The year was 1993. I was 17 years old, and helping my father prepare for a recording we were to do on location of a choir. At the time I recall we had some of the first available low cost large condenser microphones available, and one of these had a pattern switch that allowed cardioid, figure 8 and omni directional recording. In my own work recording bands, I’d only ever used the cardioid setting, and didn’t give a thought to the ‘figure 8’ option.
I was surprised when we set up our rig to test at home, and Ted (my father) reached for this ‘figure-8’ microphone and turned it sideways. This was as well as another microphone (of a different type) located below it, facing forwards. I couldn’t work out what I was looking at. In response to my questions, Ted replied, “That… is a Blumlein pair”.
That was my first encounter of many with the originator and inventor of Stereo… “Alan Dower Blumlein”. It took some explaining on his part, but after a few minutes, I got the gist of the theory. One mic to capture the whole; the other to capture the difference, thereby capturing perfect stereo at a single place, free from phase/time problems associated with distant microphones.
After the recording, our 2 track reel-reel machine had captured the raw output of the microphones. Left channel for the ‘main’ and right channel for the ‘figure 8’. After a bit of rewiring of the mixing desk, we made a converter to turn the recording into traditional left and right channels. The result was magical. The sound was beautifully real and consistent, and furthermore, the amount of ‘space’ in the sound could be adjusted by changing the gain of the side (right) channel. That recording and my subsequent experiments resulted in the invention of Airsound. The point is, that this had all been thought of, and done before, in a world of pre-war, black and white.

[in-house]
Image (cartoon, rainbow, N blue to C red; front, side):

Blumlein’s Great Leap
Years later, I would take the time to read patent (GB 394,325) and be mesmerised by the depth of thought and instinctive understanding Alan Dower Blumlein (ADB) shows us in what it means to hear space in sound. It seemed to me with modern eyes, technology and at least 10 years of developing spatial sound, that the ideas in the patent really were the start of things that nearly 100 years later we really had barely begun to explore. If perfect stereo sound reproduction was a 1500m race, his work pushed the World from the first metre to about the 1Km mark. Since then, the World has moved another 50 metres or so. I am not really talking about the technological advancements in his work (although these were the most financially beneficial for EMI), rather the understanding of the fundamental principles of what stereo IS, and how to reproduce it.
ADB didn’t have reliable recording systems, or efficient amplifiers, or high-performance speakers. If he had, then he needn’t have spent so much time creating the technology to explore his ideas. The limitations of the day clearly held him back.
Given the benefit of his original understanding, and modern technology, I have been able to piece together an understanding of my own which has enabled a more nuanced Airsound – Orbitsound’s single point source stereo reproduction system, that owes so much to his intuitive theories of those early days.
ADB’s passing was a tragedy. During the formative period of radar development, he found himself with a number of engineers on a plane that crashed, claiming all their lives. I’d like to think that if he had time to return to his work, that the World by now would be using systems like Airsound. My own feeling tells me that it is where he might have taken his ideas.. it seems like he was heading in that direction.
So, I want to say a heartfelt thank you to ADB. Your work was and continues to be a true inspiration to me. I hope one day that the World of sound thinks as you did.
See www.alanblumlein.com for more information on ADB. The site is run by ADB’s grandson, also named Alan Blumlein, who I have met on several occasions, and I would like to thank for his support of the work I have done in his Grandfather’s footsteps.